The Derby Mercury from Derby, Derbyshire, England on August 13, 1789 · 3
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The Derby Mercury from Derby, Derbyshire, England · 3

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Thursday, August 13, 1789
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3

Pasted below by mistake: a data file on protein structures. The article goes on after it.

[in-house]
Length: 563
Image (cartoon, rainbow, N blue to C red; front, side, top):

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ÄFF AIRS of FRANCE. Paris dugufi 6. National. Assemslv Tüesday, Avövst 4. Viseomte de Noailles rose, and in aglowing spccch isaid, now was the time for thc Afiembly to provc thcir genuine patriotism to thc people, by fhewing them-lelves their affectionate and dinnterested Repräsentatives, devoid of every motive but thc common good ; and, by gxying a great example to nations and to ages, in thc sacrifice of every abufive rieht and privilege whatsoever, incidental to all the Orders, Provinces, Cities and Communities, raise the French name to a lieight unparallel ed ia history, and consecrate their me-mory as worthy of reprefenting the enlightened know-ledge, the courage, the virtues of so great and generous a people. No sooner had he made a motion for the abolition of the Seigniorial Rights, than the whole body of Nobles and Clergy rose as it were by one common Impulse to exprefs their wannest approbation ; and the rnost sublime struggle took place for feveral Kours, of who Ihould'.be thfröremost in pointhig cnlt some frefh offering to Liberty. The Deputies of the Provinces, such äs Franche Comte, Burgundy, Erita-ny, Dauphine, Artois, &c. See. and of the Cities un-der similar eircumstances, df poüeMng peculiar privi-leges and exemptions, joined in the general burst of freedom ; and after an enthufiastic ednversation, not debate, which lasted from seven o'clock till three in the merning of yesterday, the following articles were unanimously agreed on. Art. I. Equality of taxes, to commence from the prescnt moment. II. The renunciation of all privileges for Orders, Cities, Provinces, and Individuais ; a general unifor-xnhy to take place through the whole kingdom. III. The redemption of all feudal rights. IV. Supprefiion of mortmain and personal servitude. V. The produce of the redemption of the Estates of the C1c;l to be applied to the augmentation of the ialaries of Pjrifh Priests. . VI. Thc abolition of the Game Laws and Capitaine-ries. VIT. The aboliaon of Seigniorial Jurisdictions. VIII. The aboliron of the venality of ofHccs. IX. Tustice to be rendered gratuitoufly to the people. X. The abolition of privileged dove cotes and war-rens (a dreadful and serious grievance to the French peasant.) XI. The redemption of tithes and field rents. Xsl. It is forbidden to create in future any rights of the fame nature, or any feudal rights whatever. XIII. The abolition of the Fees of Parilh Priests, for births, marriages, or deaths, except in the cities. XIV. A speedy augmentation of the benences of Parilh Priests. XV. The suppremon of the droits d'anttates, or first fruits. The fürn paid by France to the Pope, on this head, amounted annually to Z57,zzl. fterling.J . XVI. The admislion of all ranks of Citizens to Civil and Military employments. XVII. ' The suppremon of the duties of removal paid by the Parilh Priests to the Bisliops in certain Provin ces. XVIII. The suppremon of Corporations and War-denfhips. XIX. The suppremon of the Plurality of Livings. XX. A Medal to be struck to consecrate this Me-morable Day. XXI. Te Deum to be fung in the King's Chapel, and throughout all France. XXII Louis XVI. proclaimed the Reßorer of the Public Liberty. Th ese Reiolutions to be printed, and immediately circul at d through the kingdom. There are feveral other Articles, such as the abolition of all unmerited Pensions : all Artizans to be exempt from Taxes, who employ no journeymen, &c. &c. His Majesty, it is faid, signed the articles the next morning. Upon thcir being read on the Exchange, the funds rose z per cent. Wednesday. The sitting of this day was not opened till noon. One of the Secretaries read the resolutions of vesterdav. resolutions that will hold so important a place in the History of France, and the Annals of Man. He was, every instant interruped in reading, by observations that some great sacrince, some grand reform, was for- sotten. It was, in fact, impomble to remember all. ar from coniidering luch observations as impertinent interruptions, the Secretary reeeived and recordedthem with gratitude, in which the Aflembly partook. All the resolutions of yesterday evening again reeeived the sanction of an unanimous vote. On the motion of M. Dupont, it was agreed to re-ftore to the Executive Power, and the Courts of Law, their ordinary functions, and authority sufBcient to establifh order.and restrain violence of every kind 5 for which purpose the regulär troops were to be employed. To the abolition of the exclusive right of the Chace, - has been added that of the right of Fifhing j and liberty granted to every Citizen to kill the game that injures his posiessions. There seemed also an Intention to comprehend, in the abolition of tithes, the parsonage tithes which will be replaced by a proportionale stipend. Thursday. Notwithstanding the second sanction given yesterday to thc whole of the resolutions, it was agreed to exa-mine cach of them separately, in order to find out the best means of carrying them all into execution. After considerable debate on the first article, viz. the abolition of feudal dues, -it was agreed to adopt the following resolution : ' The National Aflembly abolimes entirely the feudal jurisdiction, and of the dues and fervices, feudal and manorial, those which are held by mortmain, both real personal, and by personal service, and those for which any of them has been commuted, are abolilhed with-out any indemnification ; that all the others are re-deemable, and that the price and mode of redemption fhall be fixed by the National Aflembly. The Astern-bly ordains, that such of these dues as are not suppres-sed as aforesaid , fhall continue to be paid till reim-bur fernen t to the pofleflbrs be actually made. After an adjournment from seven till ten at night, the Aflembly, being again met, heard immediately the reportof the arrest of M. de la Vauguyon at Havre. The opinfon of the Committee of Reports was to refer the affair to the Executive Power j and it was adopted by the Aflembly . The Aflembly, after a warm debate, came to the following resolution on the fuppreflion of Dove and Pigeon Houscs : The exclusive right of dove and pigeon houses sr abolilhed. Pigeons ihall be (hüt up, except at certain seasons of the year, to be settled by the communities ; and du ring these seasons they Ihall be confidered as game, St every man may kill them on his own ground." sag ' ' . FaiDMkV, ' ,r The Game Laws came next to be difenfled and the Asiombly, after debay ng the question for some time, resolvea ai iollows : -J ' Th rrr1nsiv verWr nFkiHn'As m nfuten m rens, is equaliy abolilhed, and every proprietor ihall k. l. iinj J j n. , uaww uiw ügui w Mit) ui iiuiriu uc kincu urucuruyeu, on his own posiestions only,- aft-forts of game ; all ran-gerfhips, even those that are royal; and all reservations for pleasure, of whatsoever kind they may be, are abo-iished ; that proVision fhall be made, by means com-patible with liberty and property, for the personal pleasnres of the King. - " And M. le President fhall be directed to apply to thc King for the enlargement of all persons condemned either to the eallies or to prison, for the simple breach of thc game laws, the repeal of banifhment, and the abolition of all criminal proceedings. Before the words of this resolution were final ly settled, it was annonnced to the Members that thc King's Ministers were on their way to the Aflembly. They were fix in number : The Archbifhop of Bourdeaux, the Archbifhop of Vienne, M. Necker, M. de Saint Priest, M. de Montmorin, and the Marshai de Beau-veau. They were admitted into the body of the House ; and it was not without a most pleafing emotion that the observers of men and of events faw, side by side, six Ministers, all men of probity, and esteemed by the nation. The Keeper of thc Seals (Archbifhop of Bourdeaux) spoke first. It was to request that the National Astern-bly would restore to (Zoverhment, feebled and defpifed throughout, the neceflary power to defend the llberty and fasety of the public, every where attacked and vi-olated. This request was preceded and fupported by a defcKpkion rapid, energietic, and touching, of thc evils which at this moment desolate the kingdom. M; Necker next fhewed that, while France was wasted by murder, robbery, and fire, and the contribu-tions every where diminifhed or absolutely refufed, put it out of the power of the kingdom to provide for its necefsities, or fulfil its engagements. He conjured the National Aflembly, while sublime political architects were tracing out the plan of a superb constitution, not to suffer the materiäls to be broken and diipersed. The public sorrow, imprinted on all his features as he spoke, gave his words a force and colouring the most perfua-sive. To look on him, and to listen to him, were equaliy moving. There appeared to be but few of the Deputies who did not feel the necefsity, in order to fave their country, of granting a loaa of thirty millions pro-posed by M. Necker. . This proposition of the Minister was referred to the Committee of Finance. Saturday. The Report was made from the Committee of Finance, that the sum required by the Minister fhould be raised by way of loan, the annuities to be secured by taxes to be devised by the Aflembly. At once to manifest their confidence in the Minister, and to sliew the ability of the nation, the loan was in-stantly fixed at foür and a half per cent. and in half an hour everv livxe of th snm w: snKT-ikf A Cu coming. -Thirty millions of livres is about 1 ,250,000!. The KJnf annnnnrpsl tr- f-Ti. AlTmKlrr -Vi-n- ka given Orders for the President at all times to have free uuuiuun ms preience. Paris, August 8. The Queen will have hard work to be found agfee-able. She nuas spared by the meb, out of respeil to the King ! On the day the King went to Paris, she re-quested of him the favour, on her knees, that she might be permitted to aecompany him to Paris, which he peremptorily refufed. As soon as he was gone, she retired alone into her apartments. The officer in waiting, hearing no noisc, pufhed open the door gently, and, seein g nobody in her apartments, ventured to go on further. He went into two other rooms without findsng her. At last, he faw her lying upon a sofa, her hand over her eyes, be-tween her two children. She started as soon as she faw him enter, his annroach beins a lihprtv whirh r other times he would not have dared to take and afkedhim " Are they coming ?" The Officer replied. " No."- In cafe they come," faid the Queen, " make no resistance, but let them enter : only give me iiuuc 01 tneir arnvai, ana 1 inaii go and meet them tinfU - 1 1 1 J 55 . 1 H n ' mxus uy ciuiarcn. oince inat aay ine nas been very quiet and retired, and disturbeef by nobody. When the King came back from Paris, she came to meet him. The Kine faid to her. " MaHam. fmm this very moment I will not permit the family of jroiignac to come again to -ourt ; and the most pre-ciouspresent I can make you, Madam, is to give you this i' and at the fame time gave her the cockade he had on his hat, which had been given him by the pa-triots in the Town -house of Paris. She took it with great coolnefs, and pinned it on her breast. Some days before the taking of the Bastile, the Duke of Orleans went to see the King. As soon as he en tered, the King tumed to him, and faid, " I know that you defire my head you are a second Cromnvell- retire from my preience." The Duke bowed, and obeyed, only saying as he went out, " In a few days your Majesty will have a more just opinion of my cha-racter. You will be better informed Some days after, the King made an apology to the Duke of Orleans. Some most magnificent acts have been done in the prefent emergency in France. There was a demur about a purchase of corn in Holland on the difficulty of an immediate advance of 100,000 livres. A Mem-ber of the Aflembly, M. Guinebaud, a Merchant of Nantes, faid, it was a triste not worthy to occupy the time of the Aflembly. He would himself pay the mo-ney in Holland. The Vifcount de Mirabeau made a voluntary surrender of a pension of 2000 livres a year, granted him by the Court for his fervices in America. All the letters from the country are filled with ac-counts of the most fhocking acts of barbarity. The friends and relations of those who have been facrified by tlie fury of these lawlefs bandittis, feel in their breasts a refentment which, though it may not be Christian, is certainly not unnatural. Some of them have confidered the Duke of Orleans as the mediate cause of all their calamities. Plots, have, in confequence been formed again st the life of this Prince ; and it is faid, that, in all probability, he would have been difpatched on the a6th of last month, at Moufleau, if he had not fortunately reeeived a line from Versailles, warning him that his life was in dan-ger-, and advising him to be constantly on his guard. Two gentlemen went to his Palace that day, and requested the honour of an äüdience. The Prince was , then writing in his doset ; and just as he was going to desire the per fön who had announ-ced the gentlemen, to fhew them in , another perfon entered with a letter, on the cover of 'whien was written To be delivered without a momenr's lose öf time." This letter, which the Duke immediately read, contained the warning above-mentioned. .The Duke resolved not to admit the two Gen tlemen to his presence; butat thefame time he did not think proper tocaule them to be apprehended, ior, by the liveries of their iervants, their fami lies were known, and known to be great and powerfully allied. 3 The Gentlemen appeared to be greaüy disappothted, .and dxQVS-p&sßlW; . ; , i r. - fc Franche Coinpte is still !h dadful confüfion ; and it would seem as if nothing fhort of the extermi nation of the Noblesse would fatisfy thc people, rendered al-rnost mad with rage, occasioned by the horrid tran-laction at Vezoul. The Parliament of Befancon is devoted to destruction. That body having fent Commislioners to enquire into this horrid affair, and take the cognizance of it from the ordinary Judge of the place, was thought to have taken such a step for the sole purpose of fereening the the Lord de Qumcey, a Member of that body, from the punifhment due to so black a crime. Lord Mqffarene was not confined in the Baßile, but in the Hotel de Force, a prison for debtors ;-y-nor is the report true that he was liberated by the populace of Paris, the manner in which he obtained his liberty is as follows. Infpiredby the conduct of the people who were forcing their way to freedom from the limits of monarchy, Lord M. and twenty-five other perfonz were determined to make an effbrt for theirs from the walls that confined them, and, with a resolution which nothing but such a situation as theirs could produce, they forced their way through seven doors fortified in the strongest manner, with bars, bolts, locks and cramps to the outer courfj upon entering which, they found a body of scventy soldiers planted there to pro-tect the prison. This circumstanCe, at first, occasioned no small consternation among the prisoners : but by expostulating with the soldiers in a proper manner, and perfuading them, that they were fent merely to protect the prison from any assäult from without, The pnioners were permittco to pais to JiiDerty. The following is an authentic Copy of the Petition which the National Aflembly have ordered to be de-posited as an original paper among thcir archives. To the National .4setnbly of France. The Petition of thc Right Honourable Lord George woraon, rjrotner to tnc uuxe 01 Cordon, Hambly Sheweth, " That a fentence of two vear i mrr?rr,,r nmnmn 1 the felons and tranfported convicts in Newgate, with 1 iiiic ui nve nunarea pounas lterung, has been pailed upon yonr Petitioner for a Publication in favour of ' Liberty in France ; in which the names of the Queen 4 of France, le Comte de Breteuil, and le Marquis de Launay, were mentioned as a party fupporting arbi- trary power, Lettres de Cachet, and the Bastille. That this Publication was made with a view to c fuecour the opprefled, and from the best information, which he reeeived from feveral of the Nobility and ' Gentlemen of France, who were in London at the time of the Publication, and who request your Peti-' tioner's afsistance in the cause of freedom. That your Peridoner has reeeived great satisfaction ' (in the midst of his fufFerings) to find that the good ' people of France have hitherto fucceeded in their 4 endeavours to regenerate their Constitution j and hepraysto the Almighty to crown your patriotic ex ertions with Liberty and Peace. The request, therefore, of your Petitioner is, that ' your most Honourable Aflembly, in your wifdom and fympathy.will apply to the Court of London to relieve ' your Petitioner from the above-mentioned fentence and imprisonment. , n. G. GORDON. Felons'Side, Newgate Prison, London, July 23, 1789. Remarks. The Fourth of August will form a glorious epocha in the French Annals, if the spirit of the different Orders of the Natinnal Aflml-i1r Unt-U Rlosift;! J . T ...... , wyui i.juiLaiki.ai auu Civil, does not evaporate which appeared on that day, tr rriirn r.n -,11 I1 -rlf .1 1 1 . 1 . j- a" uiuic icuuiu ngnes tnac nave nitnerto been so oppreffive to the people, and so beneficial to themselves. We do not fufpect the enthusiafm of in-dividuals in this partcular, at the fame time, we cannot conceive that it will be readily communicated tu liic rxoDiiity ana v-lergy at Jarge. So mUfh in r-rntTTlT-l-3ti-r turoo tcx Aon .Va . n sent revolution in Franrf iorhh mnnrKi; aerr rYifif o French architect had been fentover here aboutthat time, to taKe a lketch ot the conitruction of both our Houfes or f ariiament. It is absurd to suppose the French in immediate pos-seflion of their liberties ; much is first to be done. and lt IS to he frarpd mncli Klo iVvilt- -U , . w w tw t sllL. lilC farei an trnnnü 5 now ? t-Vio ,.m,r nn1.. - o ... , - ' ' "v-ii. u. ai iiiy uuuci Bi oelio ? Whpro the Pnnnt A' Armic nnA a - ..w '" kiüi iuij uiiu luv. .uiiix Family ? Though distant from the Capital, tftey are hol aiinuiiiauea. 1 nougn tue Jing be in the hands or tne peopie, ne nas too plainly evmced his msince ritv to he miirh rrr-AirpA n rn rht rpillur .l kl ceffions, and the other branches of the perfid ious and auioitious nouie or oouroon win nave at lealt a itrug gle for the prefervation of their dearly beloved defpo tism. But is the King fhould give any frefh proof of aupncity, vioiate nis engagements on pretext ot com-pulsion, and give sanction to the erection of the Royal Standard in support of his Prerogative, then all confidence between him and the people would be for ever iix. j r .1 i . . , . iuii , anu unc vi tiic pariies, in an apptrai to tne i woro milft m hriJv Irlta AXTlil an nntninn nrn ...i- d.i. ujdilH'U WM LU1 tained of the good faith of our King Charles I. there TX70 o rnnm fnr rnmnrmn l ' Q-nrl Tiponr lotin Km- -.fV-A " "wiiiii ua.u. UV.gUl.JULlUU , uui, HlL.i his infincerity was detected by an intercepted letter of r. r r f n i r?. . i ms lu nia vucen, me xägacious tromweu neutatea not to oeciare, tnat, as ne nad drawn the Iword, he muit now tnrow away tne leabbard. Stajfordfiire. To he SOLD by AUCTION, At House os Mr. Charles Houghton, the Sign of the Black rooor's Head in A&borne, in the County of Derby, on Saturday the 5th Day of September hext, between the Hours of Four and Six o'Clock in the Afternoon ; TH following FREEHOLD ESTATES, In Two Lots, LOT iß. A CAPITAL MESSUAGE, called Throwley Hall, fituate at Throwley in the Parilh of Ilam, in the faid County o f S tafford, 8s feveral other Mesluages, Ciofes, Lands and Grounds, consisting chiesly of Rieh Meadow, Pasture and Sheep Land, containing together by Survey 1403A. iR. 34P. (including about 93 Acres of Woodland in Hand) and now let to Thomas Eden for, Widow Fowler, Thomas Hodgkinson, Thomas Oakden, John Dawfon, Joseph Dawfon and Elizabeth Biore, all Tenants at Will, at feveral Yearly Rents, amounting together to the Sum of 956I. 16s. 6d. clear of all Deductions but the Land Tax, which is very moderate. hord. The MANOR of Waterfall, in the faid County of Stafford, and feveral Mesluages, Cottages, Lands and Cbief Rents, lying in and issuing out of Lands in Waterfall and Butterton, in the fame County, producing yearly the Sum of 37I. is. zd. clear of all Taxes and Deductions. The Liberties of Throwley and Waterfall adjoin each other, and lie about five Miles from Aihborne, in the County of Derby, and nine from Leek, in the faid County of Stafford, and near the Turnpike Road leading from Aihborne to Leek. Mr. JOHN LATH AM pf Ti ffington will sliew the Estates and orinted Particiilars. with Conditions of Sale. m K u-,a at Mr. BERESF ORD's Office in Aihborne aforesaid, by whom au etwr paia; wui oe ouiy aniwcrea. : -.5-" r To be SOLD by PRIMATE CONT RÄCT; At the Blackmoor's Head in Asliborne, on Monday the 24.1k Day of August, 1789, at 12 o'Ciock at Noon, (if not before dlipol'ed of, in which Cafe Notice will be given in thi Paper) AGood FARM HOUSE, with convenicat Offices, and Thirteen Ciofes, together about Farty Acres, cailed Belvrell Farm, fituate at Ofmafton, near Aihborne, in thc OountMWKerby, latc in rhe Possession of Edward Johnscn. Apply to Mr. PARES, jun. Leicester. The Purcbaser may have immediate Poifeihon BY HIS MAJESTY's ROYAL AUTHORITY; GODBOLD's VEGETABLE BALSAM. The Importance of the following Fact being of the gre3test Confequence to the Public, we think it thc best Eacufe for the Leath of this Advetcifement. THIS Difcovery sliould be looked upon as one of the great-est bleslings to mankind, as it is a certain remedy, if Applied in time, for those fatal diforders, Confumptions. It is the Gift of God to the Proprietor, whole indefatigable study is crowned with luccefs. Ae begs leave to appeal to the candid World whether they fee fach extraordinär; eures ashave appeared in this and other paper:, so well authentieated by people or noble families. The following Certificates of recent eures persormed by this Medicine, in the last stages of existence, authentieated by some of the fiist persons of rank ; particularly that iigned by Lord Dudleyand Ward, must give the utmost satisfaction, as noihing can exceed it, but ratfing the Dead ; which, with those of the Marquis of Lothian aud Colonel Drouly, so frequcntly inserted Contain the Cures of fourteen out of nfteen, which were all under my care at two dirf-ent tirnes ; and it was always deemed a very great thing to fave one out of twenty. The following Certificate of the Right Hon. Lord Dcdiiv ana Ward, mult have great eight. TO THE PUBLIC. Where the Life and Health of Mankind are concerned. it it of the most serious confequence to the Community, and I tnererore cannot help acknowledgtng, that Lady Dudlcy and Ward, and mvfelf, have lately recommendcd five persons. in deep confumpt'ons, to the eare of Mr. Godbold, particularly Mr. William Hughes, at No. 2Z. North Audley-street, Gros venor-fquare, who was in such a dangerous fituation, that the Faculty declared he could not live ; and the people about him believed he was dying of a deep consumption, at the time Mr. Liodoold was ient tor, who, by applying his excellent Medi cine, in a sltort time restared him, ro the great surprise of all that faw him ; as he did the other four, by bis care and atten-tion, whole refidence will be pointed out by applying to the nrit-mentioned patient; and from the long Knowledge I have had of its efficaey, and feveral other eures he has persormed 1:1 the most desperate cafe, within my obfervation. 1 im can vlneed of the superior virtues of hi ? Medicine in confumptive cases, to any others ever yet discovered. March 12. 1789. DUDLEY and WARD. A Copy of a Certificate signed by the Right Hon. Lord Mont ford, of the Cure of a Person in his own family who was in thc last stage of existence. From the experierice I have had in my own family of the efficaey of Godbold's Vegetable Balsam in the eure of a perfon in a aeep coniumpnon, who had had the ad vice or lome or the most eminent of thc Faculty to no purpose, I believe it to be a d'ncovery of the utmost benefir to man kind if applied in time, and to be the means of saving many useful members to society. May a7, 1789. MONTFORT. The following Certificate of Sir John Cochill, Bart. of Coghlll-hall, Yorklhire. aud No. 15, Welbeck-streeti London, deserves particular aktention. Mr. P. Baris, of Seven Oaks, in Kent, was in the last stage of a Consumption, had violent Sweats, a Hectic and vio-lentCough, and was wasted to amere slceleton, and the Faculty gave him over as irrecoverable In this state the ufe of Mr. Godbold's Vegetable Balsam was recommendcd by Lady Coghill, and by taking it, strictly agree-able to the directions, foi asttort time, he was entirely restored, and continues io enoy an excellent state of health This eure has been persormed some time. A Servant MaiJ, belonging to Sir Thomas Kingiby, near Knarefboro', in Yorksttire, was in a Consumption about four yars ago, she had been attended by the Facuhy, who could give her no aslistanct-, and stie died after lingering ; for at this time Mr. Godbold s Balsam was not kn wn. About fourmonihs previous o her death she was delivered of a child, who inherited the mother's disorder, had much Hectic Fever, Night Sweat, and every fymptom leading to aDecline, In this siLuanon it lingered, and wasted almost to & fkeleton. The Apothecary who attended it declared that no Medicine could relieve it, and its difiolution was hourly expected ; when Mr. Godbold's Vegetable Balsam was strongly recommendcd, and by an application thereef, in afew weeks it was perfectly restored. I faw the Child last March, when he was healthy and active 3 and from these two instances of the fuccefs of the Medicine I cannot help thinkingit avaluable difcovery and public benefit z and that it is a duty incumbent on me to communicate this ac-count to the World. , JOHN COGHILL. No. 1 5, Welbeck-street, May 30, 1789. Exvract of a letter to Mr. Godbold. " Dear Sir, " I am truly happy that I can with pleasure ofFer you my name, on being restrred from the last stage of existence. For many month I was much troubled with a violent heat in my hands, and pains in my breast and fhoulders 9 these were fucceeded with a cough, profufe perspiration, and lofs of appetite, which redueed almost to the very hone. I expecto rated with the utmost difficulty, and my cough produced the m 'st exeruciating pains in both my slioui Jers. I applied to an eminent Physician,who could give me no relief, and my d.slblu tion was by all expected, when a friend tecommended the ufe of your health-restoring Balsam, which, in twenty-four hours, gave a turn to the disorder, and, by continuing it a few weeks, I was po.rfectly restored, and continue to enjoy the best state of health I ever experienced. MICH. SATTERTHWAITE. At the request of the undermen t:ond Nobility, the following Certificates are publifhM, for the benefir of mankind : A medicine so truly efficacious in the eure of confumptions and Asthma, ought not to be hcld in high estimation only, but its reputation ever preferved ; for which purpose, in jus. tice to Mr. Godbold, sole Paten tee of the Vegetable Balsam, (and as a tribute due to him for the many years study and infinite expence he has been at, in diseovering and bring! ng to perfection a medicine of such utility and importance). We do hereby certify and declare, that this medicine, (the superior efficaey f which we have experienced in our own fomilire, as a so v ereign remedy in confumptions, aslbmas, colds, coughs, and fcorbutic complaints, and we recommend it as highly ne-cestlry to be kept in all families 5 and it is our earnest wisli, that a trial may be made, by whieh means the health of thou fands in this metropolis may be preferved and restored Most Noble the Marquis of Lothian, Right Honourable Lord Fortefcue, Right Hon. Lord Dadiey and Ward, Right Hon. Lady Dowagcr Vifcountese Falmouth, Right Honourable Lady Dowager Fortefcue, Right Honourable Lady Vifcountese Dudley and Ward, Right Honourable Lord Macdohald, Lady Appreeee, ' The Honourable Lord Montford, Sir John Coghill, Bart Though Mr. Godbold wislies all persons to apply his Medi cine in tne nrir arxacic or tne ancrccr, as in tnat irage ic is a certain eure ; yet he would not have any in the most desperate cases defparr of fuccefs, as he ha restored many in the last stage of existence, and where the l?ooes have come through the ßi'in, t Let it not be fupposed that Mr. Godbold arrogates to himself more than'is justly due, he !s only proud to'.eonfider this oif eovery is crowned with fuccefs, and that he is the fortu&ate instrumentin the hands of Di- ine Providence, for difpeasing such unlimited bleffings to mankind. Mr. Godbold is to be spoke with from Te to Twel.e in. the Forenoon, and from Fiv? ro Six in the Afternoo, at his house in Bloomfbury-square, London. Sold by J. Dkxwky, the Printer of this -Paper jahd may . be had of his Agents in every other Townjf